2009-01-04 22:01:54.000 – Jeffrey Viel, Summit Intern
Outside in the wind.
My name is Jeffrey Viel, and I am currently a junior at Plymouth State University majoring in meteorology. As an intern here at the Mount Washington Observatory, I have several responsibilities to manage throughout the week. Not only am I conducting a research project based here at the summit, but I am also contributing to the work of the observers and helping with their daily tasks.I have had a thrilling experience this first week at the Mount Washington Observatory. It all started early Tuesday morning, when we made the trek up the mountain in the snow and the ice while in the Snow Cat. After an hour and a half, we had safely reached the mountain summit. Once the Snow Cat pulled up beside the observatory, we quickly unloaded our gear and brought it inside the relatively warm observatory. After a quick tour of the observatory, I had the opportunity to meet the famous Mount Washington cat, Marty.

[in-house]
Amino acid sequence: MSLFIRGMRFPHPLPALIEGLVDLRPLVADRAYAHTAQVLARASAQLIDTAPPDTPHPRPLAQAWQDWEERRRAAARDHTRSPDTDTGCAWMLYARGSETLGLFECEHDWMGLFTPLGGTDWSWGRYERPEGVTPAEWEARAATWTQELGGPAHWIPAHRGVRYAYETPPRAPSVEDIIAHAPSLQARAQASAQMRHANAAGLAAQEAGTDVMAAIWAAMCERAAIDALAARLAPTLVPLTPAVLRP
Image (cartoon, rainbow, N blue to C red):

As a weather enthusiast, having the opportunity to stay atop Mount Washington, home of the world’s most extreme weather, is truly a once in a lifetime experience. On just my second day here, I witnessed sustained winds that were well over 80 mph. Although I thought this was extreme weather, it was nothing compared to the winds and temperatures New Years day brought. On Thursday morning, I awoke from what sounded like a freight train going by my window. I quickly jumped out of my bunk and dashed to the observatory to see how fast the winds were recorded as. To my astonishment, they were sustained at approximately 100 mph with a temperature of 21°F below zero. However, this was only the beginning. By the end of New Years day, wind gusts peaked at 132 mph with wind chills of 83°F below zero. Needless to say, deicing was a difficult task that day.
Jeffrey Viel, Summit Intern